Last night we were caught between two tornadoes, apparently. But I’ll get back to that.
Mistakes. We all make them from time to time. I certainly have. Several months ago, a friend called. They’d moved across county and I hadn’t heard from them in about 8 months.
I lost their address, and have been hoping they’d call back ever since because Mr. P doesn’t seem to be listed in the phone book.
More recently, I opened up a manuscript and was skimming over the first page and caught a mistake. How many bloody times did I go over that thing? And it wasn’t only read by me – I can think of three other people who’ve gone over that section of the story with the actual purpose of giving me critique and we all missed it. The mistake? ‘His’ instead of “He’. Sigh.
I say this so it doesn’t sound like I’m picking on anyone, because last night, as Evil Kev and I continued the Homicide marathon, we were watching an episode that was a crossover with Law & Order. So not just one, but two teams of writers and whatever researchers they employ screwed up.
The storyline? To do with a gas attack on a subway that kills twenty people. The style of attack is similar to an attack on a church five years earlier, in Baltimore, that was never closed.
Through the Homicide episode in particular, Frank Pembleton continues to recall the scene outside the church, the row of bodies, one girl sitting over her father’s body. He mentions the burning in the air as he’s approaching the scene, how he can feel it in his nose etc.
Which is when Evil Kev tells me that would never happen. Why? Death from breathing in poisonous gas would result in quarantine of the bodies – they’d never leave them out there because they would expose others.
And of course, at the end of the episode when the suspect has a heart attack and they try CPR for five seconds and then give up, well, that wouldn’t happen either. Once you start you aren’t supposed to stop until paramedics call it, and cops would know that. Should know that. Even I know that. But, as Evil Kev said, “It’s more dramatic this way.”
This morning, I’m still left wondering if we really were caught between two tornadoes last night.
We certainly had the weather advisory. First it came over Evil Kev’s radio for the fire department. A tornado had touched down in Crossfield and was headed east at 40 km per hour. Confirmed the alert online. Heard it on the ‘real’ radio. Was actually standing outside as the rain came pelting down. We were spared the hail that fell just east of town, though.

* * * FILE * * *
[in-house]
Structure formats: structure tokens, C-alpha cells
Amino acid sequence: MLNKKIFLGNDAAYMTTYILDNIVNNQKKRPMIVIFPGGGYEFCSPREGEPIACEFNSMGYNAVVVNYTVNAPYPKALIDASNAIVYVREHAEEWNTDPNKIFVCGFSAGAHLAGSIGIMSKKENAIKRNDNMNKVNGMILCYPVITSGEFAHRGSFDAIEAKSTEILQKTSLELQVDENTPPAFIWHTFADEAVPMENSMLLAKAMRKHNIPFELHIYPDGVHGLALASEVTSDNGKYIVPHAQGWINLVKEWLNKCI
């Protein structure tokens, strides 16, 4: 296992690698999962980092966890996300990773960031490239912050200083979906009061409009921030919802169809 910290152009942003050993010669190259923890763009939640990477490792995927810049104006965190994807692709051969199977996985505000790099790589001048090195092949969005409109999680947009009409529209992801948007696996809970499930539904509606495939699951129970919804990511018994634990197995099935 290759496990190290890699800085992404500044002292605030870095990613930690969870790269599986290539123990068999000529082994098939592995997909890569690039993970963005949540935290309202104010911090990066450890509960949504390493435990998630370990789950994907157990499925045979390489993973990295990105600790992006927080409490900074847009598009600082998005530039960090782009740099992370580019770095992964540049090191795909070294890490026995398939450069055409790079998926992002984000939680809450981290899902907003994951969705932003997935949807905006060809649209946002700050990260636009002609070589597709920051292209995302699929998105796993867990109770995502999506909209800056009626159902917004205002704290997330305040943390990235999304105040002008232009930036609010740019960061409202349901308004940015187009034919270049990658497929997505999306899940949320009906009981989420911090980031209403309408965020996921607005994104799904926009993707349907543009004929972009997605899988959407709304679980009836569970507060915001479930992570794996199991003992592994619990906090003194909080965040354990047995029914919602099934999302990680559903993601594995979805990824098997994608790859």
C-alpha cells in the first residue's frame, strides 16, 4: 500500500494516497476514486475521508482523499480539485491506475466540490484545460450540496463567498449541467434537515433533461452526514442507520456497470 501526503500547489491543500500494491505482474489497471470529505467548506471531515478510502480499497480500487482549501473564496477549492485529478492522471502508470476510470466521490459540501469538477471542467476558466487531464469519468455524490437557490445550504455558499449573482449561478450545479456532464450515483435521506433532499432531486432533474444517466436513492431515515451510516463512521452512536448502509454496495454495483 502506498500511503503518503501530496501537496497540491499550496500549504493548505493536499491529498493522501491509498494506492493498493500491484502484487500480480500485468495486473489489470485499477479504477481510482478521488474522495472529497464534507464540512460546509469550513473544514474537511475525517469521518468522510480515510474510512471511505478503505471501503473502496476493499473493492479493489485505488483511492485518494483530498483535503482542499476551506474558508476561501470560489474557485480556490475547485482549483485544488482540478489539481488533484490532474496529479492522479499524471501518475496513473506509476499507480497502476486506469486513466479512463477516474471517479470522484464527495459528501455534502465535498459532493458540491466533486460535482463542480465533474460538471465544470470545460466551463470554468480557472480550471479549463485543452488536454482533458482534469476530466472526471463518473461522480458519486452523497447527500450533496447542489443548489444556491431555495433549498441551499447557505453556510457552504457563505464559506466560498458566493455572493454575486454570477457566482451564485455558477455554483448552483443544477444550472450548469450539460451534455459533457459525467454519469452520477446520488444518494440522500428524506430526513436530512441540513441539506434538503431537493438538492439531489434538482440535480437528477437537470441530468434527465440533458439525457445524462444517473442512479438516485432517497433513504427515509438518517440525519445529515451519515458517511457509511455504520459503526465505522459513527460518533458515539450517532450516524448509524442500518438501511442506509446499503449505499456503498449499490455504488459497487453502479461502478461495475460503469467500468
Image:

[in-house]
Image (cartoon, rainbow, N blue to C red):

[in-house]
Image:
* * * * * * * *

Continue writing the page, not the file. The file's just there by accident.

Then, heard it on the TV. A second tornado, this one to the south and east of us, heading west.
A lot of things go through a person’s mind when they hear this. The first was get the dogs inside. The second was what else do we do? And you realize there isn’t much you can do. Certainly nothing to stop a tornado if it’s coming. And for all the predictions of where a storm system is moving and what they anticipate, nobody can tame the wind. The one thing you know is the weather system moving through is apparently perfect for creating twisters and you may or may not be sitting in the path of two of them.
This morning, nobody seems to know. Apparently, not enough people saw the tornadoes to confirm they existed and, thankfully, there was no damage directly attributed to tornadoes. Just thunderstorms and hail.
Of course, all during this Evil Kev’s getting ready, in case he has to go out.
Um, remember that post yesterday, about us not having our wills done? And Kevin’s explaining to me the process of dealing with a hazardous goods call as we watch Homicide, and talking about what you do when it’s gas, and then he’s preparing himself in case he needs to go out in a tornado.
I realize now that if Homicide hadn’t made those errors with the episode, I wouldn’t have received an earful about it. And it wouldn’t have reinforced the nature of the risks Evil Kev takes when he responds to a call. But even if I don’t think about them, or he doesn’t talk about them, it doesn’t mean he doesn’t take them.
It certainly is easier to cope, in some respects, by putting your head in the sand and ignoring reality. After all, if I don’t think about the risks, I don’t have to experience the fear, right? But it doesn’t reduce those risks. In some respects, it’s actually a horrid thing to do. You don’t take people for granted when they walk out the door to a call and are ordered to proceed with caution and wait for the police. A part of you is steeling yourself for the potential knock at the door.
Also, how can you really appreciate the enormity of what firefighters/paramedics/police do if you don’t understand the risks on even a basic level? You can’t.
A little piece of wisdom I got from a Christmas cracker:
Without the sorrows of life, the joys would not exist.
One thing I don’t think I mentioned here was that recently I had a bad dream about a tornado outside our house. And in the midst of it arguing with Evil Kev about windows.
Last night, faced with the possibility that there were tornadoes moving through the region, I remembered that the greatest mistake is not taking a bit of creative license with reality to make a story work, or even losing an address, much as that sucks.
The greatest mistake you can make is letting your life slip by. No risk, no rewards. Sure, there’s a chance you fail (and fail spectacularly) but I’ll always give people their due for trying to fulfill their dreams, even if things don’t always pan out the way they hope.